Lovat of the 45, the old fox, scotland's most notorious clan chief, rebel and double agent


Simon Fraser, 11th lord lovat ‘last and greatest of the old-style scottish chiefs’

Like an old eagle, Lovat smiles enigmatically from under hooded eyes – complete with 18th century frock coat, wig, breeches, wrinkly stockings, and shoes with silver buckles. This is Lovat as the great cartoonist Hogarth saw him, in the Tower of London. Hogarth’s engraving of Lovat sold out 12 times. So many reprints earned the artist a lot of money. This oil  painting is based on the engraving.

Against the odds, Simon Fraser climbed the family tree to become Lord Lovat, chief of Clan Fraser, to lose it all on the last throw of the dice.


About Sarah

I am a writer, broadcaster, blogger and vlogger, wife, mother, granny and carer. We live in the Highlands of Scotland and London.

The end of lovat’s great gamble, 9th April, 1747, was a wet Thursday. The prisoner in the Tower prepared to die. ‘For my part,’ he said, ‘I die a martyr for my country.’ For the British government, Lord Lovat was that most dreaded and despised creature – a rebel, spy, and traitor.

In a life packed with plotting and incident, Lovat became the most notorious double-agent of the age.

He was born into a family that fought its way onto the beaches of England with William the Conqueror. The Old Fox became, by turns, a rebel Jacobite conspirator, a loyal British army officer, and government supporter. He spied for the Stuarts and the Hanoverian Kings. Born a Protestant, he converted to Roman Catholicism to follow the Stuarts. Mac Shimidh Mor to his kin (son of the Great Simon), Lord Lovat – somehow – kept ahead of his detractors and charmed his supporters for 60 years.


Last peer of the realm to be beheaded.  This is the block on which the Old Fox met his end.  It’s on display in The Tower of London

By the 1700s, Lovat Fraser country stretched over 500 square miles – from Inverness, south along Loch Ness, to the Atlantic west coast.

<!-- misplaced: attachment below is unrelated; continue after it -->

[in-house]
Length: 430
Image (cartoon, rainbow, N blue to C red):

After the battle of Culloden, the Bonnie Prince escaped the manhunt for him. Lord Lovat became the British government’s most notorious prisoner. They put a ‘hook in the jaw of the great leviathan’, and locked him up in the Tower for a year. They did not let go until he was dead.

A lace-wristed courtier of kings in London and Paris, at the same time Lovat of the ’45 was a traditional Highland chief, with the power of life and death over his kin. But … he was born to none of this.

Born in obscurity, around 1667, Simon Fraser was merely second son of a second son. He should never have been chief. Yet, before he was twenty, a series of untimely deaths propelled him to the top of the family tree.

Within months, in one of those twists and turns that ruled his fate, he had been accused of raping a marquis’s daughter to accept his hand in marriage, and unjustly juggled out of his inheritance. Was he going to give up, let Murray and Mackenzie predators carve up the Frasers and their hereditary clan lands, and make them disappear for ever? No, he was not. He did what it took to survive, then thrived at the head of his clan from 1715-1745.

Map of the Clans

July 1745, Bonnie Prince Charlie launched his clan powered odyssey to reclaim the thrones of his ancestors. Charles offered Lovat supreme command of his forces. The prince believed the old chief’s appearance would draw tens of thousands to the Stuart cause. An Old Fox to the end, Lovat hedged his bets. He disliked how the Prince had come so unprepared. ‘Siller [silver] would go far in the Highlands,’ he said, and Charles had come without money, men or arms.

So, Lovat sent out his son with the Fraser kin, and stayed at Castle Dounie himself, loudly lamenting the willful disobedience of children. The Jacobite armies reached Derby, before their ignominious retreat, to defeat at the hands of the government at Culloden.   

In The Last Highlander, I use the story of Simon Fraser, 11th Lord Lovat’s life to recreate this extraordinary period of history in a gripping adventure and spy story. A 20th century novelist said Lovat was ‘the last and greatest of the old-style Scottish chiefs ’. A fellow Highlander, in 1747, said Lovat lived like a fox, but died like a lion, and, as a Highland chief should – that is, not in his bed.